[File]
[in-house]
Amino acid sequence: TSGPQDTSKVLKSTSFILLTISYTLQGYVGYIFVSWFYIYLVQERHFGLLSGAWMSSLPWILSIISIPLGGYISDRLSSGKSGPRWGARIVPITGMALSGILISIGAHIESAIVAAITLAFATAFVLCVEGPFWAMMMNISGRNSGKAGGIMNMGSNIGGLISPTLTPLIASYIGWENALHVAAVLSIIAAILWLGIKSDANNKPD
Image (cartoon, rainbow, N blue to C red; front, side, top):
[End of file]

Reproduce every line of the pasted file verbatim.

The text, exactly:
[in-house]
Amino acid sequence: TSGPQDTSKVLKSTSFILLTISYTLQGYVGYIFVSWFYIYLVQERHFGLLSGAWMSSLPWILSIISIPLGGYISDRLSSGKSGPRWGARIVPITGMALSGILISIGAHIESAIVAAITLAFATAFVLCVEGPFWAMMMNISGRNSGKAGGIMNMGSNIGGLISPTLTPLIASYIGWENALHVAAVLSIIAAILWLGIKSDANNKPD
Image (cartoon, rainbow, N blue to C red; front, side, top):